Body Shaming Comes In Every Size

Body Shaming Comes In Every Size

The other day, my step-daughter came into the room in the evening for a few minutes of hang-out time like she does every night. (She will disagree with this statement, but it is literally our favorite part of the day).

Next thing I know, she’s saying, “Amanda-Lee, I just really wanted to thank you for what you said today.” At first I was totally confused; I barely saw her due to an all-day cheer competition where I watched her do her thing from a distance. She went on to clarify, “Someone told me that they talked to you about my weight, and I really appreciate you sticking up for me.”

NOW I knew. It wasn’t the first time that someone came up to me, questioning if my step-daughter was eating. “Isn’t she too thin?” and “Are you sure she’s eating?” have been questions that have come my way lately. I’m a thin person myself and I have also had to endure “well-meaning” people telling me to “Eat a cheeseburger” while they try to pinch my stomach looking for something to grab onto. I know that feeling. I remember how it played into my already warped sense of body image.

a letter to my daughter on body image boardBody Shaming Goes Both Ways

I could tell she was really bothered by the conversation, and I knew it wasn’t the first time she had to fight this misconception. While she is thin, she is not too thin. She is curvy in all the right places and drop-dead gorgeous. (However, some days I don’t think she realizes this.) She went on to question why in the world people feel like they have the right to body shame her for being thin. She’s right.

In a world where extra curves are now being celebrated and put on album covers and on the runway at fashion week, why is this having such a negative effect on those without the extra curves? She pointed out that if she told someone that they needed to lose weight, she would be absolutely ostracized for such a statement; so why is it okay for someone to tell her to gain weight?

The Weight of Others’ Words

As we continued this conversation, I could see not only the frustration, but the hurt her body language was conveying. Don’t people understand the weight that their words have on a child? At just 16, my step-daughter’s self-concept is fragile as she blooms into a mature, confident, young woman.

Don’t we all remember what these years were like? Navigating middle school and high school with changing bodies and hormones? I know I never felt beautiful. In high school, I was very thin, but it wasn’t for lack of trying. I used to look in the mirror picking apart every part of me that didn’t measure up. I lived through ’90s diet culture, where every woman I knew was always trying to get skinny and it was thoroughly broadcast at each meal.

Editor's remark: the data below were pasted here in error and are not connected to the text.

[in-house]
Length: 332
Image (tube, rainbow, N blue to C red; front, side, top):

She pointed out that if she told someone that they needed to lose weight, she would be absolutely ostracized for such a statement; so why is it okay for someone to tell her to gain weight?

My poor body-image continued and carried me into relationships that weren’t healthy, in large part because I felt lucky that “someone” found me pretty. I don’t want that for her. The more I thought about it, I began to think of all the times people said something about my weight – either when I was 16 or 36.

What Are People Really Trying to Say?

Do I think people mean well? Yes. While I know there are plenty of people that may say things out of jealousy, I know that some of them come from a good place. As an adult, I can see and appreciate that. However, that is harder for her to understand at this stage in her life. To her, it is body shaming and it’s not fair.

So, let’s say you are concerned. What do you do? If you are legitimately concerned, then yes! Please go to the parent and express your concern. BUT. Please do not ask the child in question about her weight. Going directly to them, even with the best of intentions, can set them on a path of questioning their own self-worth.

Now, us mama-bears can be a bit territorial when being questioned about our kids, so be prepared. Be careful on your approach and be prepared to explain why you are concerned outside of simply quoting size. If there are facts to back up your concern, we are much more likely to hear you, even if it is hard. Also know that, while we may not be receptive at the moment, we do appreciate your concern and it may alert us to something we previously dismissed.

Finally, it is hard to approach a delicate topic and we do know that it comes from a place of love, even when our emotional response gets in the way.

Lord knows that eating disorders and unhealthy weight problems are real and need to be addressed – on both sides of the BMI-Spectrum. However, without the correct approach, it can do far more long-term harm than good.

Body shaming often stems from judgment. But why do we do it and how can we stop? This episode of This Grit and Grace Life demystifies the phenomenon: Can We Just Admit We Judge Other Women? – 203

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